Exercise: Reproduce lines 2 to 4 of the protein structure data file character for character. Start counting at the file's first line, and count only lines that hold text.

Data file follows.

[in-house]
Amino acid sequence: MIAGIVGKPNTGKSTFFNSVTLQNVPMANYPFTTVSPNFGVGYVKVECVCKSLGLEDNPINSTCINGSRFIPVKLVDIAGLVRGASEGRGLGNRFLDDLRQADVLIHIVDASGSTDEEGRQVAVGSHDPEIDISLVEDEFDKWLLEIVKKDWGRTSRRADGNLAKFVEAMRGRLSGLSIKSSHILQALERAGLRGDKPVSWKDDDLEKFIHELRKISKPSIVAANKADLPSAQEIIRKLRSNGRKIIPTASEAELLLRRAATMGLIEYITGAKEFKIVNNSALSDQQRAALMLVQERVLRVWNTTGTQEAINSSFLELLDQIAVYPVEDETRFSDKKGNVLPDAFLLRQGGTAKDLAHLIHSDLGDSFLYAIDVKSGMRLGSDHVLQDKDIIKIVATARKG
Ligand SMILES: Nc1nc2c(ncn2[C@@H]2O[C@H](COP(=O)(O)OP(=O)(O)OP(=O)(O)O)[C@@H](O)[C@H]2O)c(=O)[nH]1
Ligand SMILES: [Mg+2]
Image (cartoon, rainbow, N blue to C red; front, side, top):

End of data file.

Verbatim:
Amino acid sequence: MIAGIVGKPNTGKSTFFNSVTLQNVPMANYPFTTVSPNFGVGYVKVECVCKSLGLEDNPINSTCINGSRFIPVKLVDIAGLVRGASEGRGLGNRFLDDLRQADVLIHIVDASGSTDEEGRQVAVGSHDPEIDISLVEDEFDKWLLEIVKKDWGRTSRRADGNLAKFVEAMRGRLSGLSIKSSHILQALERAGLRGDKPVSWKDDDLEKFIHELRKISKPSIVAANKADLPSAQEIIRKLRSNGRKIIPTASEAELLLRRAATMGLIEYITGAKEFKIVNNSALSDQQRAALMLVQERVLRVWNTTGTQEAINSSFLELLDQIAVYPVEDETRFSDKKGNVLPDAFLLRQGGTAKDLAHLIHSDLGDSFLYAIDVKSGMRLGSDHVLQDKDIIKIVATARKG
Ligand SMILES: Nc1nc2c(ncn2[C@@H]2O[C@H](COP(=O)(O)OP(=O)(O)OP(=O)(O)O)[C@@H](O)[C@H]2O)c(=O)[nH]1
Ligand SMILES: [Mg+2]